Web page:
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My Papa's Waltz analysis 2

My Papa's Waltz analysis 2 - Wendy Candler Vernon L Turner...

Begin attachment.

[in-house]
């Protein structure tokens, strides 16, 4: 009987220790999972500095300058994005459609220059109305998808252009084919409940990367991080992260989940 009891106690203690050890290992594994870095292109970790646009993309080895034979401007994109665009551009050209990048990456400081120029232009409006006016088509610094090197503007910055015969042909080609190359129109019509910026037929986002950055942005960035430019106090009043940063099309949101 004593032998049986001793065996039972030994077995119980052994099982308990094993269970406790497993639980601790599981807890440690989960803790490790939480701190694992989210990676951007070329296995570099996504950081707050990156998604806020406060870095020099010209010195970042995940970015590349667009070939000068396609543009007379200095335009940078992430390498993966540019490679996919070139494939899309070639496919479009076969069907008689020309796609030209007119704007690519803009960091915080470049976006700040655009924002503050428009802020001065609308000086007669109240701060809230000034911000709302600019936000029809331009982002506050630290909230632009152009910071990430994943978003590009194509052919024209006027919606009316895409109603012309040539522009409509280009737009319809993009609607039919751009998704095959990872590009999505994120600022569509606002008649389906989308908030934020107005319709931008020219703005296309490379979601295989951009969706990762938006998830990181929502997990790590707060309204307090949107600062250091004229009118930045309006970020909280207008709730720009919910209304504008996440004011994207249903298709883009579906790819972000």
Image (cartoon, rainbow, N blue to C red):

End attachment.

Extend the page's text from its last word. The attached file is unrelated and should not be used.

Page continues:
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Wendy Candler & Vernon L. Turner Oct 17, 2007 4 th per “My Papa’s Waltz ” by Theodore Roethke Upon the first reading of this poem, the image of a happy childhood memory and a hard working father dancing playfully with his son before bedtime takes form. The mother looks on in disapproval as the pair makes a mess of her kitchen, but does not interrupt the father-son bonding. However, for the assumed happiness the two must be sharing as they waltz, when looking at the words of the poem individually there is only one word, “romped,” that has any positive connotations. Overwhelmingly the diction of the poem is negative with words such as “death,” “battered,” “scraped,” and “beat.” After reading multiple times with just those factors alone, the poem’s message begins to transform into a picture much more gruesome. Within the very first line, Theodore Roethke mentions the word “whiskey.” Even though just the fact by itself, that the father has had some alcohol of some sort, does not necessarily make him drunk, an alcoholic, or abusive—it does, however, let the reader know that he may not be completely in control of his actions. Also, the alcohol content is enough to “make a small boy dizzy,” which could be referring to the quantity of whiskey on his breath or the fact that he is so intoxicated the “waltz” becomes too boisterous and rough for the child to take. This description
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